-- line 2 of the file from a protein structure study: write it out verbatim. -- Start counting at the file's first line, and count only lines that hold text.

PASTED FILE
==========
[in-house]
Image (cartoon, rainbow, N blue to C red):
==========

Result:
Image (cartoon, rainbow, N blue to C red):